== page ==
Director of patient safety at the NPSA Suzette Woodward on the abolition of the NPSA and what this means for nurses.
It has recently been announced that the NPSA, along with several other arm’s length bodies, are being abolished and that the functions of the patient safety division of the agency will be moved to the NHS Commissioning Board.
This announcement, made in the Report of the Arm’s Length Bodies Review, follows on from the NHS reforms made in the recent white paper Liberating the NHS.
What is clear is that the size and scale of the changes being made are going to impact greatly on how health services are provided. No one is untouched by this reform, from the Department of Health, to primary care trusts, strategic health authorities, foundation trusts, non-foundation trusts, general practice - all are affected.
There has been a steady stream of consultation papers since the white paper. In addition to the arm’s length body review there has also been a recent one on outcomes - Transparency in Outcomes: A Framework for the NHS. For those who want to influence the current agenda, this is the time to have your say. Studies undertaken in the US, Canada, England, Switzerland and New Zealand, all show that the adequacy of nurse staffing and the quality of the nurse working environment are associated with the quality of patient care.
‘What is clear is that the size and scale of the changes being made are going to impact greatly on how health services are provided. No one is untouched by this’
In those hospitals that have poor work environments for nurses, patients tend to be at an increased risk of adverse outcomes - including mortality. If the NHS wants to improve outcomes, we need to address the following essential ingredients: adequate nurse staffing; a high proportion of registered nurses; a well educated nurse workforce; positive nurse-doctor-manager relations; and responsiveness of leadership and management when it comes to addressing problems in patient care that are identified by nurses at the bedside.
In the past 10-15 years patient safety has come to the fore and been recognised as an important source of preventable patient morbidity and mortality. It is a core agenda that unites us all, whether we are clinicians, managers or policy makers. Now is the time to shine a light on the link between nursing and patient safety. Rather than simply focusing the attention on preventing errors, we need to work towards reducing those latent conditions that actually increase the risk of error. Latent conditions that include nurse understaffing, tiredness and fatigue, distractions and poor communication, stress and burnout, inadequate education and a poor practice environment - all are classic examples that predispose individuals to make mistakes, and make it difficult for others in the environment to identify a mistake before the consequences are serious.
To date, these latent conditions have received less attention than the factors directly connected to the errors themselves. Reducing nursing numbers is not the way forward. So much more can be achieved, in terms of reducing errors and poor patient outcomes, by investing resources in work environments. We can improve the productivity of nurses by improving the environment at the bedside, thus making it possible to achieve more with the resources in hand.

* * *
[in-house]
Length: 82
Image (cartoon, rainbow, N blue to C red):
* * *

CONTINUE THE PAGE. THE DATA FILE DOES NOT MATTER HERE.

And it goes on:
Reducing latent errors requires a change which is hard to capture in any policy document; we need to change the culture. Nurses need to stop blaming and start learning. Stop pointing fingers at each other or at other professions and start working together. Demand a commitment from leaders and managers alike for a different style of decision making with a greater devolution of authority to nurses at the bedside. This authority should be proportionate to these nurses’ high level of responsibility for the welfare and safety of their patients.
Nurses must be developed in their roles. They must also be listened to and supported in their decision making and in the management of nursing services. They have the ability to transform the way in which care is delivered, to improve safety and reliability in healthcare, and are an untapped resource. Over the next few years we need to see significant advances in the way nurses are involved in patient safety improvement.
The continued need for strong and committed nursing leadership at all levels of the NHS is apparent. Authority and resources must be invested in nursing leaders, both at the frontline of organisations and at the executive level. In addition, meaningful and positive interdisciplinary relations must be cultivated. Without such leadership, the patient safety movement cannot succeed.
Improving patient safety has to underpin all decisions that nurses make about their work. They need to be trained for the future, not for the past and they need to master a whole new set of skills that are crucial when it comes to patient safety - skills such as continual improvement, teamwork, measurement, change management and so on.
Over the next few years as the NHS puts into place the changes set out by Liberating the NHS, and the National Patient Safety Agency moves some of its functions to the NHS Commissioning Board, it is more important than ever to ensure that patient safety is firmly at the heart of a 21st century NHS. Nurses can be the first to step up and lead this new agenda.
Suzette Woodward is director of patient safety, National Patient Safety Agency